Eritrean refugees cling to life after Calais gunfight

Some 130 refugees from Eritrea and Afghanistan clashed in northern French city close to transport routes to England.

    Hundreds of refugees remain in Calais despite authorities dismantling an unofficial refugee camp there [Pascal Rossignol/Reuters]
    Hundreds of refugees remain in Calais despite authorities dismantling an unofficial refugee camp there [Pascal Rossignol/Reuters]

    At least four Eritrean refugees are in critical condition after being shot during a mass brawl between some 130 Afghans and Eritreans in the northern French city of Calais, local media outlets reported.

    The fighting started while volunteers were handing out food to refugees but later spread to other locations in the city, according to Le Monde newspaper.

    Officials said a further 22 people suffered wounds, including two police officers trying to break up the fighting, which involved more than 100 Eritreans and around 20 Afghans.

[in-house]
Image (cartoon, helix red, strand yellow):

Speaking to police officers on Thursday evening, French Interior Minister Gerrard Collomb described the violence as "exceptionally serious" and promised that those responsible would be punished.

    Collomb also ordered the deployment of more police officers to the area to avoid a repeat of the events.

    Calais was home to the unofficial "jungle" refugee camp, which housed thousands of refugees in tents, until French authorities demolished it in October 2016.

    The city and neighbouring areas drew refugees and migrants from around the world due to its proximity to England, which lies at the other end of a 25-mile stretch of sea.

    Many of those who had lived in the jungle moved to other areas of France, but others remained in the hope of making their way on to trucks and boats heading towards the UK.

    According to local authorities, up to 800 refugees and migrants remain in Calais.

    The wider Calais region has experienced previous incidents of violence, including clashes between rival human trafficking gangs.

    Mass brawls between refugees have also broken out occasionally.

    SOURCE: Al Jazeera News


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